Why McGregor rates Diaz higher than Khabib
As Conor McGregor attempts to begin his path back to UFC gold the former dual weight champion has revealed why he respects his old rival Nate Diaz more than his current archenemy, lightweight Khabib Nurmagomedov.
Diaz and Nurmagomedov are the only two men to defeat McGregor in the UFC and his rivalries with the American and the Dagestani helped propel the pair to superstardom.
But as McGregor gears up to face Dustin Poirier on Sunday (AEDT) at UFC 257, the Irishman has spoken of his admiration for Diaz and why he saves his special contempt for Nurmagomedov.
"Diaz is a true fighter, he knows what's what and he gave the rematch straight away. He's a real goer," McGregor said.
"Khabib is a scurrier - just like his fighting style, he's trying to hold on. He does not want to give the rematch, Nate gave the rematch straight away so we were straight in and I put the work in.
"But it took some work after that last one (against Nurmagomedov) to get myself correct, there was a lot of self talk, a lot of 'cop on'.
"Thankfully I got myself through. It's like they say, what doesn't breaks you makes you."
Diaz scored an incredible upset over McGregor in March of 2016, coming in as a late replacement on just ten days notice, before McGregor earned a majority decision victory in the rematch later that year.
Nurmagomedov was not so generous after his mauling of McGregor in October of 2018, which he won by submission due to a neck crank after four brutalising rounds that made up McGregor's most comprehensive loss inside the Octagon.
Be it due to delusion, his unshakeable faith in his own abilities or a little bit of both, McGregor sees that loss differently to most and earlier this week he told The Daily Telegraph "I wasn't a martial artist at that time".
"It was still handy enough - he did nothing in the first round, I'll win the first round handy next time," McGregor said.
"The second round he was running around the cage for starters, that shows his thinking there. That would never happen with me switched on.
"Afterwards there were still a few dips for sure, I was in a different space there. I didn't just bounce out of the space I was in after the Khabib fight, it took a lot of work."
Lightweight has long been one of the most competitive and high-quality divisions in the UFC, but McGregor's return to the weight class takes things to an entirely new level.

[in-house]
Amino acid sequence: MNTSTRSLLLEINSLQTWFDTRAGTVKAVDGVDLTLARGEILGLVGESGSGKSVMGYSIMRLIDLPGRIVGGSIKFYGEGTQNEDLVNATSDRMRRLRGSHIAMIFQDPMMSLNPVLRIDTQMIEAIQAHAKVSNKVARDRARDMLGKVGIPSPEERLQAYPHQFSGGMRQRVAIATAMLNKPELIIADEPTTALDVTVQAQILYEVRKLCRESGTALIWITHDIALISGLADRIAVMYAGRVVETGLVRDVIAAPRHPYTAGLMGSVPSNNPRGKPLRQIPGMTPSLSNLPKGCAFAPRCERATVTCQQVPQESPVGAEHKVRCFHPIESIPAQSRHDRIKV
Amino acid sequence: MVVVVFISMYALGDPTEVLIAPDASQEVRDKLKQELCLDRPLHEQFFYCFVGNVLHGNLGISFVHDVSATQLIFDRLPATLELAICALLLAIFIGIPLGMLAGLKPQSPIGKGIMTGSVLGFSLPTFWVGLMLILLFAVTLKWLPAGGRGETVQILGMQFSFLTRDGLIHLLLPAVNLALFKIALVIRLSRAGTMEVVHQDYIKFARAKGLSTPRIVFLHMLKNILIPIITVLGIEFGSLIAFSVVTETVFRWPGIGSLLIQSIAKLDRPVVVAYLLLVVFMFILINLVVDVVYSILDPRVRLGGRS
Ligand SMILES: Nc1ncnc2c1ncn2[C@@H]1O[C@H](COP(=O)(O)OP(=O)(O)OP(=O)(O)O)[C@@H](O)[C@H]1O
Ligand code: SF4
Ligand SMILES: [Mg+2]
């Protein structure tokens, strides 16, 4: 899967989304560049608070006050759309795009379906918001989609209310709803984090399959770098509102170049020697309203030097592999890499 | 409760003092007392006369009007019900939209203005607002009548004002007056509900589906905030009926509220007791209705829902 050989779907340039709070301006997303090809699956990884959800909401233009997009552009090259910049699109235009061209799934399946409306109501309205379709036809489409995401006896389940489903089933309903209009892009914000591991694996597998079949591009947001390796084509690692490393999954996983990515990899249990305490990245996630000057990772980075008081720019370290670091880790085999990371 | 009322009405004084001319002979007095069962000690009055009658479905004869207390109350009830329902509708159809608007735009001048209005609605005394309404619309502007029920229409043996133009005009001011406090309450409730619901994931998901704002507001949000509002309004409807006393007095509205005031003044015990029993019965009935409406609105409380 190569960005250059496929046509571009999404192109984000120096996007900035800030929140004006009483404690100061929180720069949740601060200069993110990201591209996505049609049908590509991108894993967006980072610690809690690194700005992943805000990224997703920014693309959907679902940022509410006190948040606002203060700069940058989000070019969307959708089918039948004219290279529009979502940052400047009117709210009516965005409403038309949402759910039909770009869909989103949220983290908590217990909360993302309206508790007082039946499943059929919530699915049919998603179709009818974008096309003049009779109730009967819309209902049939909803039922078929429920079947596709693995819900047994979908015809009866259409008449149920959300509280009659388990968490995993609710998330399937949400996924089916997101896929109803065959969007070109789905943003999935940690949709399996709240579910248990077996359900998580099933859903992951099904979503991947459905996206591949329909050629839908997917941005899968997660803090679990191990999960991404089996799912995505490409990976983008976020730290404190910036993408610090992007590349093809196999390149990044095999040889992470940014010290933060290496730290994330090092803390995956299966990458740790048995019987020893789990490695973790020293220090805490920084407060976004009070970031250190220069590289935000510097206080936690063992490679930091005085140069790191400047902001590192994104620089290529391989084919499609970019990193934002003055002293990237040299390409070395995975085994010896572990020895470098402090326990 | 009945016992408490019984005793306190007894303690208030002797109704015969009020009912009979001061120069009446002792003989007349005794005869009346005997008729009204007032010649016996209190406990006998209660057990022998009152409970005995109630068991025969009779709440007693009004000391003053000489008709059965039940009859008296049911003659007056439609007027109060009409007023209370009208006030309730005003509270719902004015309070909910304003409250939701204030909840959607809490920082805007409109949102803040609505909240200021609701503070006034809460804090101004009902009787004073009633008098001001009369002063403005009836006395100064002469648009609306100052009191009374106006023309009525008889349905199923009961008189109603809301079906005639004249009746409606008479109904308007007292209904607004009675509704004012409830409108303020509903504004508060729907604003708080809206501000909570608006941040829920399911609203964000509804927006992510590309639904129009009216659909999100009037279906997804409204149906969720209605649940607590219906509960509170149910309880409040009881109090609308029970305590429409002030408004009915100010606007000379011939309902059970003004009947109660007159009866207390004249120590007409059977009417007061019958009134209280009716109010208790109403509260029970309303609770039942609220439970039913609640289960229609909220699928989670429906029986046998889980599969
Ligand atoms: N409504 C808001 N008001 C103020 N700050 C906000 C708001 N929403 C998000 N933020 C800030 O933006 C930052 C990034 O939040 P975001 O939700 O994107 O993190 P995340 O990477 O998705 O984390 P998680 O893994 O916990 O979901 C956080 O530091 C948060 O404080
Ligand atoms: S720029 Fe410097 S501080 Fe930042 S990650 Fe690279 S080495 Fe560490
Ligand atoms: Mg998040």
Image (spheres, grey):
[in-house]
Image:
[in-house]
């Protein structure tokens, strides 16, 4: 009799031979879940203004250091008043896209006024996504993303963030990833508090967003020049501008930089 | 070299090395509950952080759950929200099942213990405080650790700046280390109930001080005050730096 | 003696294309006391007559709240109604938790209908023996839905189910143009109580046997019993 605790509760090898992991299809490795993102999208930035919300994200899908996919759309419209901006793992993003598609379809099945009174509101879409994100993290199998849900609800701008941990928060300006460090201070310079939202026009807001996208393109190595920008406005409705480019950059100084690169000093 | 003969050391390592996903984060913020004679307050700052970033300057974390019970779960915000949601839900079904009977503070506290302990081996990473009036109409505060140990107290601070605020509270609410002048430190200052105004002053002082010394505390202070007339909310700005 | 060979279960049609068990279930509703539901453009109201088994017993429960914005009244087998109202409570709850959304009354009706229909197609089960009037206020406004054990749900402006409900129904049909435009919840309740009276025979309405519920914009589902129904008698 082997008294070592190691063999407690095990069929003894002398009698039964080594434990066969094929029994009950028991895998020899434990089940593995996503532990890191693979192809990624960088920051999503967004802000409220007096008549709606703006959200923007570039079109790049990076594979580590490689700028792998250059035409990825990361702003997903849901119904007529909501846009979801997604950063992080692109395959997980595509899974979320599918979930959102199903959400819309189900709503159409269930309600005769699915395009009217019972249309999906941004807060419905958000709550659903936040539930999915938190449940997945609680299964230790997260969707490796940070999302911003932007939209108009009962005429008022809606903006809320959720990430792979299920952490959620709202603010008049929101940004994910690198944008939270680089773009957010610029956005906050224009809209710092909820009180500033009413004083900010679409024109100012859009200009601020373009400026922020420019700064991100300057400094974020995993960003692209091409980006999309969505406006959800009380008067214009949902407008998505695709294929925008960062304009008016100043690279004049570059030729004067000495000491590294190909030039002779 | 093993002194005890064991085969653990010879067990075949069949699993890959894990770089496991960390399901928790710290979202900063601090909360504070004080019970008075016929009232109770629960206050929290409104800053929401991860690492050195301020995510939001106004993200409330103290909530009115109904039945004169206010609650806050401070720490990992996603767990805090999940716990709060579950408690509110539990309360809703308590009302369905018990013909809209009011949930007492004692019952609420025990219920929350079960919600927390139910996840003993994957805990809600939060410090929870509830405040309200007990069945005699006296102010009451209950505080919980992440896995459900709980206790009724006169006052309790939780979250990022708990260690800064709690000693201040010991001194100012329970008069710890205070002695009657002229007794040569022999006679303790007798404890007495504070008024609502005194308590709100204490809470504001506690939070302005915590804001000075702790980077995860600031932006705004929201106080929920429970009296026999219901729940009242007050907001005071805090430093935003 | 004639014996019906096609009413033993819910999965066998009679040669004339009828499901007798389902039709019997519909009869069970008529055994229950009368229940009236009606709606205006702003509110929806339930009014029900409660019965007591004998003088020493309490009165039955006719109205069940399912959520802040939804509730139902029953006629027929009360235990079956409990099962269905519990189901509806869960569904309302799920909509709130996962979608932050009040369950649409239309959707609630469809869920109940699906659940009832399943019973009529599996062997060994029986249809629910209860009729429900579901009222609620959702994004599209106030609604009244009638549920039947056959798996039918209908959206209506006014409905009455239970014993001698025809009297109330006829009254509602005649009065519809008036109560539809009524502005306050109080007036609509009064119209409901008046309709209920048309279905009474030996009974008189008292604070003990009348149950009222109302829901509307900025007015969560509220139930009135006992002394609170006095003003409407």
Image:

McGregor's absence means he is yet to face much of the new breed - the bout with Poirier will be just his second at lightweight since winning the title, and just his third overall.
Nurmagomedov has made noises about retirement and while UFC boss Dana White is confident of luring him back there are a host of fascinating matchups for McGregor even if his coveted rematch does not come to pass.
A win over Poirier would put McGregor in the box seat for either another shot at Nurmagomedov or a fight for the vacant title if the Russian opts to retire.
Regardless if his next opponent is the late-blooming Brazilian Charles "Do Bronx" Oliviera, the fearless blunt-force artists Justin Gaethje, his old foe Diaz (who could be lured back to lightweight by the prospect of a trilogy bout with McGregor) or either of the men who form the co-main event on Sunday - former Bellator champ Michael Chandler and New Zealand's Dan Hooker - it promises to be the kind of fighting spectacle McGregor says he once again craves.
"I'm happy for the two lads, they're two good fighters. Chandler is coming up from the lower-league, from the B-league you might say. He's got to prove himself," McGregor said.
"Hooker is a tough New Zealander, they're tough out there and he had a tough fight against Poirier.
"I know they know the magnitude of the position they're in, so that'll only lead to a good contest and good fireworks, they're both eager to make a name for themselves. I'm excited to see how it takes place.
"I'm ready for any of them. That's it. I'm looking for competition, so let's see how it plays out."
Originally published as Why McGregor rates Diaz higher than Khabib